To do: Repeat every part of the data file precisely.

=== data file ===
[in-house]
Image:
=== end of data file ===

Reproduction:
[in-house]
Image: